AP Television Writer
James Gandolfini would have hated all this fuss.
He was an actor who shrank from attention for anything but the roles he brought to life. No false modesty. He simply did his best to remain a private citizen behind his public characters. These included, of course, Tony Soprano, the fiendish, tormented mobster who the world came to know and revere as a towering dramatic achievement.
In a too-brief career that ended Wednesday at age 51 while he was vacationing in Rome, Gandolfini can be celebrated for performances on TV, on stage and in films that reached beyond the obvious triumph of “The Sopranos” and the unsought celebrity it brought him. Before, during and after “The Sopranos,” he remained defiantly a character actor, by all indications spared a leading man’s ego as he tackled roles that piqued his interest, not roles meant to guarantee the spotlight.
“I’m much more comfortable doing smaller things,” he declared not long ago. And in the past year, his film appearances included supporting roles in several films.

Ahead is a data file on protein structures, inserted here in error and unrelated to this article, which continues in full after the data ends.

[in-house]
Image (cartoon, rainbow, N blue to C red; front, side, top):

It was all part of an acting career as unlikely to which TV has given rise. Gandolfini made the character monstrous yet sympathetic, a man with a murderously chilling gaze yet a mischievous smile. Thus did Tony Soprano become part of the culture, taking Gandolfini, reluctantly, with him.
Despite his formidable presence in person as on film, there was no confusing him with Tony Soprano. He was his own man, down-to-earth, accommodating — and no-nonsense when it counted. Once glimpsed by a reporter filming a scene on the set of the Soprano family’s plush New Jersey home, he bobbled a line of dialogue, whereupon he let out a growl, not at anyone else but directed unsparingly at himself before the cameras rolled again.
On the other hand, he clearly knew the difference between what was serious as an actor — and what was deadly serious.